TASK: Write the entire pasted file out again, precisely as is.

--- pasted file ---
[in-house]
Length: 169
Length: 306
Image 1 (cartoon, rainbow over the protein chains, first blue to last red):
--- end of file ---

[in-house]
Length: 169
Length: 306
Image 1 (cartoon, rainbow over the protein chains, first blue to last red):